Month: April 2016

WIRES Campaign

NSW Wildlife Information, Rescue and Education Service Inc (Wires) is a potential client. Wire’s mission is to actively rehabilitate and preserve Australian wildlife and inspire others to do the same (WIRES 2016). Wire’s provides its supporters with the opportunity to donate and assist in wildlife rescue with over 2500 volunteers in 27 branches, assisting the community to help native animals in distress (WIRES 2016). There are large amounts of support coming from external partners. With the help of a public relations campaign, Wires should be able to amplify its mission statement to the public. The form of campaign I would like to create for this organisation is an event campaign targeted at families with young children (Wilcox, Cameron, Reber, Shin 2013).

The reason I chose to target this campaign at young children aged 4- 11 is because this is the age that children are most interested in animals, and also the most impressionable (Melichar 2015). If we were able to teach these children the importance of rehabilitating and preserving Australian wildlife, then we are able to successfully create awareness about building a better future for Australian wildlife (WIRES 2016). A wires event would be best for the organisation because it can actively engage with the target audience. Providing activities for young children that engages them about the wildlife will create awareness within the youth, which is why a children’s event with specific wildlife themed stalls would really capture the overall essence of how rewarding helping animals can be.

Stalls and interactive ideas that would be involved in the campaign would be:

  • A petting zoo.
  • Art competition through local schools for the best ‘saving endangered species’ poster.
  • Bake sale competition featuring the best animal inspired cake
  • Donations box.
  • Craft station for younger children to colour in or create their favourite endangered species.
  • Food stalls.

Reference list:

Denis Wilcox, Glen Cameron, Bryan Reber, Jae-Hwa Shin (2013). THINK Public Relations (2nd). New York, New York, USA: Pearson Education Inc. ISBN: 9780205857258

The Courier-Mail,. (2013). Australia failing badly at saving our native wildlife and their natural environment. Retrieved from http://www.news.com.au/national/queensland/were-failing-badly-at-saving-our-natural-environment/story-fnii5v6w-1226654822164

Melichar, C 2015, ‘Partnering for Success: Effective Public Relations and Development’, Public Relations Tactics, 22, 10, p. 18, Health Business Elite, EBSCO host, viewed 19 March 2016.

WIRES Australian Wildlife Rescue Organisation. (2016). Wires.org.au. Retrieved 12 May 2016, from http://www.wires.org.au/

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Emotional intelligence

Here is my recorded audio element:

EQ_powerpoint

Here is the script for this task:

Exercising emotional intelligence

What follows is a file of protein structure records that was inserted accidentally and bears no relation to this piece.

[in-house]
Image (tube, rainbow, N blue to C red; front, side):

The link to the video on the powerpoint

References:

Cooper, R. K. (1997). Applying emotional intelligence in the workplace. Training & Development, 51(12), 31-39.

Emotional Intelligence. (2016). Psychology Today. Retrieved 16 May 2016, from https://www.psychologytoday.com/basics/emotional-intelligence

Gurevich, A. (2016). Emotional Intelligence. Retrieved from http://dispatchist.com/emotional-intelligence-how-develop-it-part-1/

Jafri, M. H., Dem, C., & Choden, S. (2016). Emotional Intelligence and Employee Creativity: Moderating Role of Proactive Personality and Organizational Climate. Business Perspectives & Research, 4(1), 54-66. doi:10.1177/2278533715605435

Marchant, J. (2013). Why EI is important in the workplace. emotional intelligence at work. Retrieved 16 May 2016, from http://www.emotionalintelligenceatwork.com/resources/why-emotional-intelligence-is-important-in-the-workplace/

Phillip Cenere, Robert Gill, Celeste Lawson and Michael Lewis (2015). Communication Skills for Business Professionals. Melbourne, Victoria, Australia: Cambridge University Press. ISBN: 978-1-107-65662-8

Segal, J., Smith, M., & Shubin, J. (2016). Emotional Intelligence (EQ). Helpguide.org. Retrieved 16 May 2016, from http://www.helpguide.org/articles/emotional-health/emotional-intelligence-eq.htm

Talent smart,(2016). (EQ) Stats. Retrieved from http://www.talentsmart.com/

University of Maryland,. EQ and YOu. Retrieved from http://www.ucreative.com/behavioral-science/emotional-intelligence/

Soft skills

What are ‘soft skills’? Why are they important in business? (p. 21)

‘Soft skills will get little respect, but will make or break your career’ Peggy Klaus 2014.

Another word for ‘soft skills’ are ‘people skills’, personal traits describe them in relation to high emotional intelligence (Rouse 2015: Skillsyouneed.com 2016). ‘Emotional intelligence’ is the ability to recognise and manage your own and others’ emotions and are skills that characterise your relationships with other people, and how you approach work and life (LiveCareer 2016).

20150226130626-soft_skills.png

(Empire education n.d.)

Anna Mar is a Chief Architect with 18 or more years experience in the financial industry (2013). Mar addresses a list of 87 soft skills click here to see some examples.

After reading through Mar’s examples, it maintains that soft skills do not just help you to get one job, but will assist you in the applications of several jobs(Dabke 2015). Because ‘soft skills’ are general skills that are used in the workplace like feedback accepting, working in groups, and time management (Skillsyouneed.com. 2016).

Watch Dr. James Heckman accurately describe the importance of soft skills in the video below:

 

It is important to have soft skills in the business industry because unlike technical and hard skills soft skills can’t be taught in a class or a training program (McKay 2016). This is because they are combinations of who we are, incorporating our attitudes, behaviours and how we interrelate with other people (McKay 2016).

References

Empire Education of Management & Technology. Soft Skills Training Program (2016). Empireemt.com. Retrieved 25 April 2016, from http://www.empireemt.com/soft-skill-training.php

Dabke, D. (2015). Soft Skills as a Predictor of Perceived Internship Effectiveness and Permanent Placement Opportunity. IUP Journal Of Soft Skills, 9(4), 26-42.

Heckman, J. (2012). Hard Facts Soft Skills. Retrieved from https://www.youtube.com/watch?v=yKzQYQNtYts

McKay, D. (2016). What Are Soft Skills and Why Do You Need Them?. About.com Careers. Retrieved 25 April 2016, from http://careerplanning.about.com/od/importantskills/a/soft-skills.htm